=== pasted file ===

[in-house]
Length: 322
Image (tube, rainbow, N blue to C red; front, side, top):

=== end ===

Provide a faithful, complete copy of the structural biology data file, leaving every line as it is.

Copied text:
[in-house]
Length: 322
Image (tube, rainbow, N blue to C red; front, side, top):